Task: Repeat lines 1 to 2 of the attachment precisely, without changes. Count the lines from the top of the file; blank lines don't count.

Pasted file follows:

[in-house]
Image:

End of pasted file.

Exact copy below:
[in-house]
Image: